How to Save a Trillion Dollars

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Jacob D. Moore/U.S. Navy

Sailors scrub the flight deck of the aircraft carrier USS George Washington

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Except when states fight over the carriers' anchorage. Right now, for example, there's a nasty tug-of-war under way between Virginia and Florida over the Navy's plan to shift one of Norfolk's five carriers to Mayport, Fla. The Pentagon says the move is vital so that a natural disaster or attack — of some unspecified kind — does not deliver a knockout blow to the Atlantic Fleet.

Florida lawmakers insist that putting all the East Coast carriers in one basket, Norfolk, is dumb. "The decision has been made," says Democratic Senator Bill Nelson. "And it's been made for the purposes of securing the national defense."

Virginia's delegation contends that a tightening defense budget can't cover the $500 million cost of building the new facilities needed to base a carrier in Florida. "Instead of spending more ... for new repair facilities in Mayport, we owe it to our shipyard workers, the fleet and the American taxpayer to maintain our existing shipyards properly," argues Democratic Senator Jim Webb, a former Navy secretary.

Neither side mentions the real prize: the 6,000 jobs and $400 million in annual local spending a carrier generates. Nor does either state note that the U.S. Navy has not had a real shooting war with another ship since World War II. And what is missing from this entire pork-pulling contest is whether we need that 11th carrier at all. "I do believe that strategic dispersion is a good thing," Admiral Gary Roughead, chief of naval operations, tells TIME. "My job is not to play the politics."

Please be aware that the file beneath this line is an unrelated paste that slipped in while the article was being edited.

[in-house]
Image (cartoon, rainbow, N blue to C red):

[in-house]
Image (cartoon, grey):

Of course, by spreading its carriers around, the Navy makes them harder to kill — but not because it's reducing their exposure to hurricanes or terrorists. Dispersion makes carriers harder to kill because more states become invested in their future. "It's a disease that infects the entire defense budget," says Gordon Adams, who oversaw Pentagon spending during the Clinton Administration. "We spend about a third of the defense budget not for national-security reasons but because it's in someone's district or state."

What's the Mission?
There was a bracing honesty in calling the nation's military the Department of War until 1947. War was what the military did, and when it was over, in theory, the U.S. military could shrink to a garrison force. But following World War II, the Department of War became the Department of Defense, with a never ending mission and an ever expanding portfolio. "The United States has been at war for a startling two out of every three years since 1989, and there is no end in sight," observed University of Chicago professor John Mearsheimer in the National Interest in January. "Countries that continuously fight wars invariably build powerful national-security bureaucracies that undermine civil liberties and make it difficult to hold leaders accountable for their behavior." Last year the Pentagon's assessment of its must-do list expanded its roles in homeland defense, defeating insurgencies and terrorists, building allies' security forces, defeating those who would deny the U.S. military access to wherever it wants to go, stopping the proliferation of nuclear weapons and waging cyberwar. Even Gates, the budget cutter, has said, "The United States needs a broad portfolio of military capabilities with maximum versatility across the widest possible spectrum of conflict."